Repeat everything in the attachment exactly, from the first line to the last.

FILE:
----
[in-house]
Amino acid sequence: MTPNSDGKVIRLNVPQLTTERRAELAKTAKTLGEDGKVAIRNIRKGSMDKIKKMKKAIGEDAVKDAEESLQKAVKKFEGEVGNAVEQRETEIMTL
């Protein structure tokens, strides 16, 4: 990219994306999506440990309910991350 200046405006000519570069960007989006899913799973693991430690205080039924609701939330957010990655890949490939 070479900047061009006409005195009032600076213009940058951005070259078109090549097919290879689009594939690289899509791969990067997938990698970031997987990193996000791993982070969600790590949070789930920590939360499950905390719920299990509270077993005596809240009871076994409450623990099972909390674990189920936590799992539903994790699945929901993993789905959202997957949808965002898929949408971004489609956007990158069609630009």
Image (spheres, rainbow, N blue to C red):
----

[in-house]
Amino acid sequence: MTPNSDGKVIRLNVPQLTTERRAELAKTAKTLGEDGKVAIRNIRKGSMDKIKKMKKAIGEDAVKDAEESLQKAVKKFEGEVGNAVEQRETEIMTL
């Protein structure tokens, strides 16, 4: 990219994306999506440990309910991350 200046405006000519570069960007989006899913799973693991430690205080039924609701939330957010990655890949490939 070479900047061009006409005195009032600076213009940058951005070259078109090549097919290879689009594939690289899509791969990067997938990698970031997987990193996000791993982070969600790590949070789930920590939360499950905390719920299990509270077993005596809240009871076994409450623990099972909390674990189920936590799992539903994790699945929901993993789905959202997957949808965002898929949408971004489609956007990158069609630009």
Image (spheres, rainbow, N blue to C red):